My garden is surrounded by pasture so I have an endless supply of insects good and bad. The grass and weeds in between my beds are like the pasture most of my insects migrate from and are there to act as a trap crop for the insects, become fertilizer as the clippings rot and slow runoff when it rains so more of the rainwater soaks into the soil. I don't spray the middles. When I mow the middles I kill a lot of insects, but I also disturb a lot, so after I mow I spray my plants to drive the insects back to the middles.

When I spray I tend to concentrate on new growth including fruit clusters because it's unprotected. The cucumbers vines and fruit grow about 2 inches per day so they require more frequent spraying than most. Pruning the suckers and picking the cucumbers will let you see any problems (a patch of mildew, cucumber beatles, eggs on the leaves of the suckers you've removed) early on. Crushing a group of eggs with your fingers can be more effective than spraying after they've hatched. Pickle worm eggs hatch in about 4 days; Squash bug eggs in about 10 days. Squashed eggs will never hatch and are a lot easier to find when the vines are on a trellis rather than on the ground. Claud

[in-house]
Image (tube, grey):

Name: Critter (Jill)
MD (Zone 6b)
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critterologist
Nov 14, 2014 7:59 AM CST
My apologies, Claud! I read through your wonderful explanation in spring and thought I'd posted a response, but coming back to this thread now I don't see my "thank you!!!" post.

So, THANK YOU! for a great explanation of both method & theory. I especially appreciate that you've figured out a way to do a combo spray to kill some insects, confuse others, foliar-feed, etc., all in one application.

Hope you had a great summer garden!

I'm learning to dance in the rain. Thank you, Sally & Chris.